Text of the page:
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3 stories PRs shouldn’t miss this week

Weinstein and the power of the media

Unless you’ve been living under a rock for the last few weeks, you will have heard the Harvey Weinstein story. For obvious reasons, the scandal has been well covered by the media, however in the age of instant news, some people are already bored of it. In fact, I overheard someone in my local coffee shop opening a newspaper and sarcastically saying “oh look, more about Harvey Weinstein, it’s like there’s no other news”.

I’m sure there are some PRs who are worried that this story will overshadow their current publicity campaign and others that are working tirelessly to shut down the story and defend Weinstein. Some publications are even using sexualised images of the victims to gain attention, which is not helping the perception of women as objects for male sexual use.

But what about the bigger picture? Have we lost sight of the victims of this suspected crime in favour of a good story, or is the media so instant and saturated that we now have a short attention span and limited sympathy?

Are robots stealing our jobs?

In a recent report, the World Economic Forum predicted that robotic automation will result in the net loss of more than 5 million jobs across 15 developed nations by 2020. But what about PR jobs, are we also destined to be replaced by robots?

According to Jeff Hardison, VP at Lytics, a customer data platform and a major player in analytics, “Machine learning is already helping marketers make more efficient use of customer data, and complementing what they’ve had for centuries: intuition and experience.” The keyword is “complements,” not replaces, he said.

Basically, Artificial Intelligence can’t do jobs that require creativity, empathy, critical thinking, artistic expression, and other qualities that we think of as “human”.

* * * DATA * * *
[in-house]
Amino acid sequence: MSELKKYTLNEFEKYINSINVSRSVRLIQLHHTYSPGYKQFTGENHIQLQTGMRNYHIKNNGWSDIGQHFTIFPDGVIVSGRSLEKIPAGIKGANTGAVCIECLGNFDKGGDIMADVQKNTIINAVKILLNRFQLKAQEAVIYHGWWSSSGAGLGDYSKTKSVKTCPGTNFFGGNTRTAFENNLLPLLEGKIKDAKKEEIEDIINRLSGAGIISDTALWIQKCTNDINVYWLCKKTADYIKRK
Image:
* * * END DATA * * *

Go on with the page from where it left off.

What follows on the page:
This is good news for PR people. Hopefully robots will actually make us better at our jobs, allowing us to focus on more interesting things. After all, most of us didn’t get into PR because we operate like computers.

British Airways fall from grace

From the catastrophic computer crash that stranded 75,000 passengers, to a cabin crew's racist Snapchat rant against Nigerian passengers, it’s fair to say British Airways reputation is in tatters.

British Airways used to boast a gold standard reputation however, after cabin crew walked out following a dispute over "poverty pay" and complaints of poor service, British Airways are set to lose their four-star quality rating meaning they will be in line with budget airlines like Ryanair.

It’s a PR disaster for the historic company and they are now said to be contacting a number of large agencies for global PR support and crisis management. However, is it too late? Will British Airways manage to regain their reputation with the help of a savvy PR agency, or have customers lost trust in the company which simply won’t be regained?

For advice on all aspects of PR for your university or institution, get in touch with BlueSky PR.

Author: Kate Mowbray


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